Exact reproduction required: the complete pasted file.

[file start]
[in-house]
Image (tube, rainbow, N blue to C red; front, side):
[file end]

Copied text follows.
[in-house]
Image (tube, rainbow, N blue to C red; front, side):